Prime Minister Benjamin Netanyahu, this morning (Sunday, 10 March 2019), at the start of the weekly Cabinet meeting, made the following remarks:

"I would like to send condolences to the government and people of Ethiopia, and to the families of the victims who perished in the plane crash. Via the Foreign Ministry we are now checking if any Israelis were on this flight. If there is anything we can do, we are – of course – ready to do it. We have also said this to the Ethiopian government.

We have recently seen provocations and heads being raised from the direction of the Gaza Strip. This has been done by dissidents, but this does not absolve Hamas. Hamas is responsible for everything that comes out of the Gaza Strip, and we respond accordingly, with assaults by Air Force planes against Hamas targets.

I heard people from Gaza saying that since we are in an election campaign a wide-ranging operation is out of the question. I suggest to Hamas – don't count on it. We will do everything necessary to restore security and quiet to the area adjacent to the Gaza Strip and to the south in general.

Next weekend Secretary of State Mike Pompeo will come here on an important visit to the State of Israel. At the start of next month Brazilian President Jair Bolsonaro will come here on a ground-breaking visit to Israel, following my visit to Brazil. Brazil is a major power. We are developing trade links here that lead to employment for many Israelis and will enrich the State of Israel diplomatically and economically.

Tomorrow I will host the important Senator, Lindsey Graham, a great friend of Israel, who up until recently chaired the Senate subcommittee on appropriations [for State. Foreign Operations and Related Programs], a critical position in the American Senate, and now chairs the Judiciary Committee. I will go up with him to the Golan Heights in continuation of our efforts to have the US, together with other countries, recognize Israeli sovereignty, and the Israeli possession, on the Golan Heights.

I would like to clarify a point that, apparently, is not clear to slightly confused people in the Israeli public. Israel is a Jewish, democratic state. This means is that it is the national state of the Jewish people alone. Of course it respects the individual rights of all its citizens – Jews and non-Jews alike, but it is the national state, not of all its citizens, but only of the Jewish people.

Other peoples, other nationalities and other minorities – have national representation in other states. The national representation of the Jewish people is in the State of Israel. Israel is the national state of the Jewish people and of it alone.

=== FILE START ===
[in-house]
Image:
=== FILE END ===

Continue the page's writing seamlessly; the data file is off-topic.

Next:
Over the weekend we marked International Women's Day. I think everyone was pleased by the fact that there has been very great progress in women's participation and their leadership in various sectors. There is still much work to do, and we are doing it.

I want to mention something I see personally, and that's what I see in the army. Last week I boarded a helicopter, and there was a female flight mechanic there - I was thrilled. I could have taken her picture, but of course I could not publish it. I also occasionally go to thank the helicopter pilots - but it's no longer just male pilots. There are also female fighter pilots and navigators - this is a tremendous development.

Last week I also attended a navy cadet’s course which included three female cadets. A difficult, challenging course, one of the most important ones we have - completed by three female cadet graduates. This shows that Israeli women, in this field and in every other field, are smashing the glass ceiling. This is good for all Israeli citizens - men and women alike. "

PM Netanyahu commented on Minister Gila Gamliel's remarks on encouraging research regarding Jewish communities in Arab countries and Iran:

"I want to congratulate you Gila [Gamliel] on leading this important step. It is important that the nation of Israel know the contribution of the Jewish communities. I am reading a history book on Jerusalem, 'Jerusalem: The Biography' by the historian [Simon Sebag] Montefiore. It is amazing to see over the last thousand years, and especially in the last 500 years, since the expulsion from Spain, the tremendous contribution of Sephardi Jewry and Egyptian Jewry in the attempt to hold on to Jerusalem and to maintain Jewish life here.

They kept the embers alive until the later arrival Ashkenazi Jews. This foothold, not only in prayers for Jerusalem, but also in the realization of the return to Zion and the resettling of Jerusalem, is part of the same heritage that I wish to include in the curriculum, and I ask to include it in research and writing. "